Sunday, June 3, 2012

Poo and cheese...

That may be my favourite blog post title yet.

In all seriousness though, this is another post about poo. It is, hopefully, a beacon of light to the people who are struggling with maintaining poo production and elimination in their lives, especially if the poo in question is the poo of someone with autism.

When Billy was little, he ate everything he was offered. He gave new tastes a go, he had a perfectly predictable relationship with food, and he did not have anything even remotely worrying coming out of his bottom. I worried more about how the dog's poo than Billy's.

His dietary choices started to limit, until he had Transverse Myelitis at three and a half, when it all turned to custard. Actually, it all turned to cement. In a very short time, we were trapped in a cycle of pain, slow motility, constipation and mega colon (not that any doctor ever officially diagnosed any of these things, despite many many questioning visits.) Billy never stopped pooing, he just never pooed enough. He never bloated, and because of his sensory issues, he didn't register the pain until it was severe. Because of this, we didn't know there was a problem, until the problem was a big problem.

We discovered that dairy was a particularly foul kind of glue for Billy's system, as was soy (when we did some early rash product replacements. So we cut them out. Every time we let a little bit back in (and when I say we, I mean the well meaning folk in his life  who are over 60 and believe that ice-cream is the constitutional right of a child), his system would slow down to the point of excruciating discomfort.

He developed chronic reflux, which was misdiagnosed, initially as throat problems (constant coughing to clear the acid burn in his throat and sleep disturbances which were only alleviated by sleeping in what he called a 'tall nest' - a rising pile of pillows that held his torso upright). We took out his tonsils and adenoids, but the throat clearing didn't go away. His breath could've knocked a gum tree over some days, despite scrupulous oral hygiene and at least 3 litres of water every single day.

Enter Dr Poo, and his collection of drugs. Under the banner of 'lots of autistic kids have gut problems' (no specific to Billy diagnostic investigation at all) we were convinced to give Billy osmotic laxatives (here the brands are Osmolax and Movicol) and PPIs (the brand he took was called Somac. Miraculously, they 'cured' the reflux, and they 'cured' the constipation. Problem solved.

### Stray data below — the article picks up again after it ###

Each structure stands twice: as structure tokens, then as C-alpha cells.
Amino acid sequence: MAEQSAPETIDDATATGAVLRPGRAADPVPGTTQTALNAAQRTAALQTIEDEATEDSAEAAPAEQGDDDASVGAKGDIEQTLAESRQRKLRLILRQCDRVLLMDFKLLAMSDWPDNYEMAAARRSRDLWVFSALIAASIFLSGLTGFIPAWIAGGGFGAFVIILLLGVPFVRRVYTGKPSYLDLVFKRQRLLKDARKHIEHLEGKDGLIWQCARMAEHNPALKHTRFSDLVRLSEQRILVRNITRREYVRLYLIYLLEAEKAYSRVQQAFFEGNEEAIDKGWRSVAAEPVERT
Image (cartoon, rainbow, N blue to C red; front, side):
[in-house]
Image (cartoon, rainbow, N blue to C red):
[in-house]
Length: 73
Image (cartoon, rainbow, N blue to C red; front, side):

Solved, unless we considered the bilious vomiting spells, the (new) chronic anxiety and the fact that as soon as we stopped the drugs, the constipation and reflux returned. Dr Poo (1 & 2, who we went to for a second opinion) thought the drugs were fine, the idea of an 8 year old regularly pooping his pants was just fine, and as his parents we should reconcile ourselves to the fact that it could be a lot worse.

They had a point. It could have been worse, for sure. But it just didn't sit right. It felt like we were being told that since it wasn't awful, we should settle for pretty bad.  Being grateful for things being not as shit as they could be, is about as logical as thinking a nuclear meltdown is OK because it's not Armageddon. He's an eight year old boy who needed drugs to poo every day, with no explanation as to why.

So, we tried a new tactic.

Regular readers and Facebook friends will be familiar with our Journey to Smoothieville. It's been almost six months of daily juices, green smoothies (and all the colours of the rainbow smoothies), superfoods, seeds and nuts (and their associated oils), prebiotics, probiotics and supplements. We stayed away from dairy, we minimised the gluten (we didn't cut it out completely because very single bit of pathology we've ever had done says Billy's body should tolerate gluten just fine, and well... it's one of the healthy-ish things he will eat, in small quantities.)

We started seeing a naturopath, who supervised our choices and tested for things like Leaky Gut (which the Poo Doctors vehemently deny the existence of). We are well aware we are taking the first baby steps on a lifelong journey of health and poopiness.

After four months, we stopped taking the doctor drugs altogether. This week, we reached the six month mark on our journey and thought it was time to try a dairy challenge.

I am proud to report, that a boy-sized homemade mushroom and olive pizza was eaten this week, and there was no interruption in transmission. I may have done a little dance around the bathroom. It may have spilled out into the hall way and into the living room. There may even be a video.

Reading that back, I feel the need to clarify that the 'spilling over' involved dancing and not pooing. Also, the video is brown matter free.

We have a tiny bit more information about what's going on with Billy, gut wise (at the very least, we know he has a less leaky gut than he did six months ago) and we are able to encourage him to make better choices about keeping his own body healthy.

There are two things that strike me in this game.